People who seek to correct will first take an honest look in the mirror. They will address their brother or sister’s sins as they admit with transparency and humility that they are far from perfect, too.
Another mark of condemnation is that it offers no solutions.
Someone likely comes to your mind who always has a diagnosis but no cure for any given problem, particularly within the church. But a critique without correction is only that: a critique.
I have been guilty of this. Can we admit together that it’s much easier to be the cynic on the sidelines rather than the playmaker in the game?
Those within the Body of Christ who are passionate about its witness to Christ will not merely sit on the sidelines and point out the most recent failing of the church. They will seek out solutions to problems through prayer, God’s Word, and other believers, and then they will move forward with correction.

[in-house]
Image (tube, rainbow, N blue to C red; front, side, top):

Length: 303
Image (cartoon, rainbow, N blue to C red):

This is because they long to see believers mature so that the entire body of Christ “builds itself up in love,” according to Ephesians 4. Believers cannot mature without practical steps toward maturity, and offering critiques without solutions shows no evidence of love.
Ephesians 4 highlights further evidence of correction within the church: correction results in greater unity rather than greater division.
This is tricky because correction sometimes causes seasons of division. However, those who offer biblical correction are willing to endure temporary seasons of division for the sake of greater unity.
Paul often used corrective language that Christians received as divisive. In fact, there is a lost letter between 1 Corinthians and 2 Corinthians in which Paul seemingly offered intense correction.